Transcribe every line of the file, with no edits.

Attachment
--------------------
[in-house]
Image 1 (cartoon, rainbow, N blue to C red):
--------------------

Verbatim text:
[in-house]
Image 1 (cartoon, rainbow, N blue to C red):